8. Use the “find” feature to eliminate certain phrases. “When writers have finished their first draft, they should use the “find” feature to identify the phrases “there are” or “there is” or “to be.” There are always better ways to write sentences — without using those phrases. This type of editing makes writing more action packed and creative.” – Meghan Sager, public relations specialist.

9. Eliminate the word ‘that.’ “Rarely is the word ‘that’ valuable or necessary,” says John Honeycutt, author of Provocative Business Change: Business-Turfing. “Take, for example, ‘I hope that your effort is successful’ versus ‘I hope your effort is successful!’” When you’re editing your writing, take out words that add unnecessary bulk.

10. Let your writing go. “The best writing advice I ever received was to not get attached to words,” says Alyice Edrich, editor and freelance writer. “When writers allow themselves to get emotionally attached to what they’ve written — which is really easy to do as a creative artist — they don’t allow themselves to improve their writing. While it is true that some critiques are a matter of opinion and can be easily ignored, other critiques are a matter of business. Editors, for instance, often come back with suggestions to change paragraphs, delete sentences, increase background information or sources, or overhaul certain grammatical errors. Those critiques can sting and hurt a writer’s ego, even making them feel like failures or as though they’ve been personally attacked. The problem occurs when writers don’t take those critiques objectively and choose an unprofessional attitude, causing the editor to wish she’d never given the writer the assignment in the first place.”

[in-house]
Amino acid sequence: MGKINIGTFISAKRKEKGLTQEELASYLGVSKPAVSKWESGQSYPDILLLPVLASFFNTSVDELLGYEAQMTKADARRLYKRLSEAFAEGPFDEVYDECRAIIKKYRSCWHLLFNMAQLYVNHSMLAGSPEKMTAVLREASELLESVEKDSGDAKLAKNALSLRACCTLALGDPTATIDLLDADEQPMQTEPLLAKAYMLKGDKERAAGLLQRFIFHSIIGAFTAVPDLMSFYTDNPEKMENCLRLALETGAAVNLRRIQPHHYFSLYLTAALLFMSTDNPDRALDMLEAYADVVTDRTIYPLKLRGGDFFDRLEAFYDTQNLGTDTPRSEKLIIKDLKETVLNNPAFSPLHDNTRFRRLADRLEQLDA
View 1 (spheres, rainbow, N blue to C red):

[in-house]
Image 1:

11. Check the facts in your article, book proposal, or essay. “My key piece of writing advice is look up everything,” says freelance writer and editor, Cynthia Clampitt. “Writers should NEVER write what they think is correct without checking first. I can’t tell you how many times I’ve seen things come across my desk, in which a writer has written off the top of his or her head. The errors were horrendous. I’ve seen Mikhail Baryshnikov named as the president of Russia, penultimate used to mean “more than the best” (it means “next to last),” and more examples. I tell writers there are two things they need to look up: all their facts and all their words. Because if they don’t, either the publication will look stupid or some harried editor has to rewrite the piece.”

And last but not least…just trust the writing process because it works. The first draft isn’t supposed to be good; writers just need to barrel their way through to the end without self-editing. The second draft will be better, and the third better still. You can do this, one step at a time. I would encourage you all as well to just read as much as you can. There is a wealth of knowledge out there about editing. The key is to be open to it and follow through. Again, I cannot say this enough…this is a marathon not a sprint.